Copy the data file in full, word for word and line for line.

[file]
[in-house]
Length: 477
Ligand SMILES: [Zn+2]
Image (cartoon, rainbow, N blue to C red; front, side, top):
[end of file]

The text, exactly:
[in-house]
Length: 477
Ligand SMILES: [Zn+2]
Image (cartoon, rainbow, N blue to C red; front, side, top):